Integrate is also one such useful tool that lets you combine and manage several lead generation platforms in one place and save your time and effort of moving back and forth from one platform to another. Uberflip is no less and focuses on delivering the right content to the right audience at the right time. It uses an AI component that acts as a recommendation engine for content delivery to enhance customer experiences. 

How Integrating ABM and Drupal Can Result In Increased Lead Generation, Retention, and New Market Growth?

In this era of “the customer is the king”, it has become extremely difficult for the companies to get noticed and break through the noise.

However, when Drupal 8’s API-first initiative is combined with ABM, enterprises get access to a whole new line of solutions to deal with the problems that have been surfacing for so long, such as relevant lead generation, retention of customers, and new market opportunities.

ABM requires sales & marketing teams to work closely together in pinpointing and selecting individual companies to target and treat each of these accounts as its very own market to see stronger results.

ABM and Drupal collectively understand that audience identification is the key to the personalization and unmatched experience

Drupal is an ultimate martech stack based on open-source and has been built in such a way that it integrates well with all other tools seamlessly. The use of API structure in Drupal allows the use of the latest javascript to create wonderful apps and deliver exceptional digital experiences in real-time.

ABM and Drupal collectively understand that audience identification is the key to the personalization and unmatched experience and therefore, ensures focus & flexibility to target only those accounts which are well-suited as per organizations’ competency. Ideally, Drupal manages content and the ABM platform ensures identification and recommendation.

Today with ABM, any company that has been using marketing automation technology and CRM software can automate much of the tedious work required for mining potential customer data and personalizing the marketing messages to meet the specific needs of the targeted accounts. In addition to this, an ABM strategy makes it smooth and efficient for enterprises to see how much of the money the company is spending on marketing is directly converting into closed sales and revenue or not.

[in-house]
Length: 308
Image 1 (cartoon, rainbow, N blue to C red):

Modules That Fuel Personalization Through ABM & Drupal Integration

Here are some Drupal modules and tools that support ABM for refined digital experiences-

1. Acquia Lift

Amalgamation of the potential of Lift and the capabilities of Drupal allows marketers to select the level of sophistication that fits their needs and budgets

Web Personalization is the key to successful customer experience. An effective personalization pulls and analyzes customer data, and accordingly suggest content to deliver the right experience to the right customers. For similar reasons, Acquia Lift provides the three-step approach, i.e., crawl, walk, and run approach for web personalization. 

Have a look at these three approaches-

Crawl personalizations can be started instantly from a content and data perspective. These are considered as low effort (means general, easily gathered data and personalization that can be ongoing), of varying impact, and with fast results.

Walk personalizations need additional content and more data collection for further defined segments. Considered as a medium to the high effort ( data that requires multiple visits and additional content creation), delivers results with moderate impact. 

Run personalizations demands more content, more personalization activities, and more data for further defining segments. They require high effort ( requiring data collection and integration from other systems, moderate to large-scale content generation, and more analysis and resources to build and implement rules) with high impact during an extended period.Multiple colored boxes with text insideSource: Acquia                                      

Doing it the right way, with the right technology, can only deliver results that will drive customer experience and your business forward. So, Acquia Lift when combined with powerful solutions, like Drupal, results in a powerful yet easy-to-use platform that augments real business results. Acquia Lift facilitates enterprises in understanding their customers and improving engagement with relevant content for unmatched contextual digital experiences.

The amalgamation of the potential of Lift and the capabilities of Drupal allows marketers to select the level of sophistication that fits their needs and budgets to build unified customer personas, based on data like device type, geolocation, and browser history. Following this, Lift delivers personalized content to relevant customer segments through drag and drop Drupal interface.

Acquia Lift offers following features-

1. Simple campaign creation

Marketers can easily create personalized campaigns in just three steps

2. No coding for testing and targeting

Fueling the creation and launch of personalization without any technical skills.

3. Well-defined personalization campaign types

Enterprises can set a/b tests, target personalizations to specific crowd or suggest content across a series of sessions to deliver the best possible experience.

4. Enhanced scheduling

Assists marketing teams aligning personalizations to events, promotions, sales, and press-related activities.

5. Multi-lingual personalization

Personalize in multiple languages by automatically localizing content as per the detected location.

6. Real-time operation and insights